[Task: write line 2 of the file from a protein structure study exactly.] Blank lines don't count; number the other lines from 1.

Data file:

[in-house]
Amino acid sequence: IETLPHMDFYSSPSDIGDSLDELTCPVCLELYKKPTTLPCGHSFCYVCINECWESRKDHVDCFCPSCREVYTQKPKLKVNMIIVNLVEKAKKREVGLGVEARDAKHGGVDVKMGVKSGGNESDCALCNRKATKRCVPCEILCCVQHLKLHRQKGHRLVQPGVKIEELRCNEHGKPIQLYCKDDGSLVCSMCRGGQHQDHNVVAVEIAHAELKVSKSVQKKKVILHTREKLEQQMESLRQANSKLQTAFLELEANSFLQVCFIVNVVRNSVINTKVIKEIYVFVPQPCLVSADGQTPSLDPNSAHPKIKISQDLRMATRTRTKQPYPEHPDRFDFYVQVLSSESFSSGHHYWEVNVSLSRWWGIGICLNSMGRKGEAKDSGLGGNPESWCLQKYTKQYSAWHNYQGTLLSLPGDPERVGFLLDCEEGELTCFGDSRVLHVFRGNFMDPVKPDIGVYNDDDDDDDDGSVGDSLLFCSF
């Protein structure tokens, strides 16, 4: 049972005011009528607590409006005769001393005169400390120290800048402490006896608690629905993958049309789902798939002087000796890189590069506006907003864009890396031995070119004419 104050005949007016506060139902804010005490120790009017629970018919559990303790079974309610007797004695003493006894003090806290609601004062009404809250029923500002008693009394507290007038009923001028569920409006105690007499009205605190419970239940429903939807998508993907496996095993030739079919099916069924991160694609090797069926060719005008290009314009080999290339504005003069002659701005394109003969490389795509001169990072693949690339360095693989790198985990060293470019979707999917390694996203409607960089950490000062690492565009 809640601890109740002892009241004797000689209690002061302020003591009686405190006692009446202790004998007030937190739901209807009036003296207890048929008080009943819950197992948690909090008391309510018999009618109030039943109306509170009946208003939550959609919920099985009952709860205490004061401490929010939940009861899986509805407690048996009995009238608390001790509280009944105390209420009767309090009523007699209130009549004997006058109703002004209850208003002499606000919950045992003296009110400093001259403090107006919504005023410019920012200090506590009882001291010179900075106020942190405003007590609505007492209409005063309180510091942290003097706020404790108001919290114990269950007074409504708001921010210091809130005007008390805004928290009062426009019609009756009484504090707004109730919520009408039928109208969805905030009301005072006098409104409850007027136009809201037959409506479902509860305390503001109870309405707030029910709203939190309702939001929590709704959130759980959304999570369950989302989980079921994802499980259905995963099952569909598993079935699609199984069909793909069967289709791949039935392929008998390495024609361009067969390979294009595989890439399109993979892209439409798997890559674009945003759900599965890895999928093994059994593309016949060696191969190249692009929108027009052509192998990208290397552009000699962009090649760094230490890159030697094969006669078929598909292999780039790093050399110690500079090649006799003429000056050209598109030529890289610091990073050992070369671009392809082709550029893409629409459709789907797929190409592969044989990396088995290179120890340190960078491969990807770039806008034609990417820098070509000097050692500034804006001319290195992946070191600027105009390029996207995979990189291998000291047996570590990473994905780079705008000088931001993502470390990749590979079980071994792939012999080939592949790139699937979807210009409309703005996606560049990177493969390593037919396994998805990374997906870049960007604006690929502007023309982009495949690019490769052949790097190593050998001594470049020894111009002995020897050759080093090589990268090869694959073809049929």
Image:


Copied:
Amino acid sequence: IETLPHMDFYSSPSDIGDSLDELTCPVCLELYKKPTTLPCGHSFCYVCINECWESRKDHVDCFCPSCREVYTQKPKLKVNMIIVNLVEKAKKREVGLGVEARDAKHGGVDVKMGVKSGGNESDCALCNRKATKRCVPCEILCCVQHLKLHRQKGHRLVQPGVKIEELRCNEHGKPIQLYCKDDGSLVCSMCRGGQHQDHNVVAVEIAHAELKVSKSVQKKKVILHTREKLEQQMESLRQANSKLQTAFLELEANSFLQVCFIVNVVRNSVINTKVIKEIYVFVPQPCLVSADGQTPSLDPNSAHPKIKISQDLRMATRTRTKQPYPEHPDRFDFYVQVLSSESFSSGHHYWEVNVSLSRWWGIGICLNSMGRKGEAKDSGLGGNPESWCLQKYTKQYSAWHNYQGTLLSLPGDPERVGFLLDCEEGELTCFGDSRVLHVFRGNFMDPVKPDIGVYNDDDDDDDDGSVGDSLLFCSF